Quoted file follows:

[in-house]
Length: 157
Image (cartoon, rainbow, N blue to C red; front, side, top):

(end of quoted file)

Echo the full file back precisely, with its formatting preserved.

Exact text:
[in-house]
Length: 157
Image (cartoon, rainbow, N blue to C red; front, side, top):